3. Thank you for that. I’ve been under chronic stress for some time and trying to get health issues more balanced to enable me to explore a new path (but to no avail over past 2-3 yrs) and last week I took a week off to ‘catch up’ and maybe rest a bit but was ‘given’ an even bigger load to carry so couldn’t even proceed with the ‘catch up’ week! Am overwhelmed and can hardly find where to start right now once I’ve done the usual work routine. Have given it all to the Lord and I usually plod on as best I can one little thing at a time. I felt a core of strength within me the past 2 days (others’ prayers I think)but today is a wobbly jelly again!… Prayers please.

  4. I am aware how frustrating small thing can be. But your problems with the shower seem beyond comprehension. You do your best, but suppliers let you down.

    I admire your patience and forebearance, I try to emulate that in my life, but sometimes fail. Today for example, I spoke to Customer Services on an internet based trader and requested information on the delivery of items ordered on the 10th October. Their blurb states categorically all orders fulfilled within 14 days (not working days), there fore they are late.

    The agent that I spoke to, seemed a little under pressure, perhaps I’m not the only dissatisfied customer? But he said, that one of the two items was out of stock and wouldn’t be available until the 14th November. We than had the discussion about my order. He being adamant that it was out of stock when I placed the order, I being adamant that if it had been out of stock, I wouldn’t have bothered ordering it and would have taken my business elsewhere. My question was why hadn’t they fulfilled the part of the order that was in stock? He prevaricated about not wishing to pay two lots of postage, but admitted that it wasn’t company policy to work in that way 🙁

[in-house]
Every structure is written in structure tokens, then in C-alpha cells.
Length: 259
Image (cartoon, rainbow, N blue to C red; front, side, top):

My observation that they could have notified me about the delay as good customer service, and he said that they didn’t do that either. I asked him if they were actually trying to turn customers away deliberately to give him an easy life – at which stage, he grudgingly gave me an apology for not contacting me, and for the delay.

    All of the time I was calm, and polite, but quiet direct, while the pitch of his voice was rising each time we spoke, I hope that I haven’t caused him to have an heart attack or something, but at least I sensed his frustration with the level of customer service that he has to defend, while I felt my own melting away. Not sure of the moral of that particular thing?

    However, I will hold them to to a delivery date of 14th November and if they fail, I will be demanding a refund.

  5. For anyone who feels that they are under ‘chronic stress’ and having done so for years, please don’t confuse suffering in Christ with a mental health problem. This needs medical intervention so please do not think you are failing to pray enough or rest in God. Seek professional help, which is also an answer to prayer. Little irritations are one thing, but constant or chronic stress a completely different thing.

    • I agree with you entirely about seeking medical or psychiatric help where that is appropriate (I don’t, for example, ignore my sarcoma) but I would also add that the spiritual dimension of physical or mental illness and healing should never be ignored. It is all suffering in Christ and with Christ, which is why we need to accompany those who are suffering with our prayers.

  6. Thanks for this, Sister. More relevant & helpful for me than you could ever have anticipated … especially as I’ve come to it at the end of a truly difficult & worrying day.
    Thanks for being a channel of God’s Spirit and love 🙂

  7. Thank you Sister Catherine – your words have really spoken to me and helped me to remember to try to be gracious and patient is all things and to start with the small things.

  8. I am going through some stress at the moment and without doubt the best thing I can do is walk my dog. It helps that I live in a beautiful part of the country and walking through it,
    never fails to soothe my soul.

    We should be careful about advising that one person’s way to deal with stress is the only way, It isn’t one size fits all. Stress is personal to each of us and we must find our own way to deal with it, which doesn’t hurt or impinge on others.